Climate change poses “severe risks” to pension funds’ investments, the main pensions industry body the Pensions and Lifetime Savings Association (PLSA) has warned in guidance published today, in partnership with environmental law firm ClientEarth.
One of the main recommendations is that pension funds should review how current and prospective asset managers consider climate change as part of their investment decisions, and incorporate this into their manager selection processes.
The PLSA also suggests that funds should tell their asset managers to engage with companies on climate change and report using the framework recommended by the Financial Stability Board’s Task Force on Climate Related Financial Disclosures (TCFD).
The PLSA’s members represent around £1trn (€1.13trn) in assets and the guidance follows the Institute and Faculty of Actuaries (IFoA) saying last month that it wants to be at the forefront of advice to pension schemes about the long-term risks of climate change.
The new PLSA guidance notes that while climate change is commonly thought of as a long-term issue there is also a “serious risk” to pension funds’ investments in the short term.
It cited a recent report from Cambridge University that found that in the event of a 2°C increase, portfolios with a similar makeup to many pension funds could suffer permanent losses of more than 25% within five years.
And the PLSA, which holds its Trustee Conference today, added that senior figures from the Bank of England and The Pensions Regulator (TPR) have warned of the threat to financial stability posed by climate change. Today’s conference features an address by TPR Chair Mark Boyle.
The PLSA said its own stewardship survey found that 76% of respondents agreed that environment, social and governance (ESG) factors, such as climate change, can be material to investment performance.The guidance comes as the government today launched its latest investment management strategy, in which it highlights green finance and puts the size of the UK’s impact investment market at £150bn.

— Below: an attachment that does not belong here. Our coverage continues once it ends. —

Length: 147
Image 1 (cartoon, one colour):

The guidance recommendations:
- Incorporating climate change expertise into trustee boards
- Reviewing how current and prospective asset managers consider climate change as part of their investment decisions, and incorporating this into manager selection processes
- Instructing asset managers to engage with investee companies on climate change
- Reporting on their management of climate change-related risk to beneficiaries using the TCFD framework.
Luke Hildyard, the PLSA’s Policy Lead: Stewardship and Corporate Governance, said climate change is “not just an ethical issue” but a major threat to financial stability highlighted by “numerous credible economic commentators and rigorous research”.
“It is therefore imperative that boards and committees consider the potential impact that climate change will have on their investment portfolios.”
Meanwhile, the International Corporate Governance Network (ICGN) has also picked up climate change among its 2018 priorities. The body, meeting in Paris this week, called for “consideration of company purpose and its broader social role also gives rise to how environmental, social and governance (ESG) factors are built into company strategy and operations – and integrated in investment analysis and engagement”.
“A key example is that investors should build awareness of how climate change affects systemic stability, and on how company boards are addressing climate risks at investee companies.”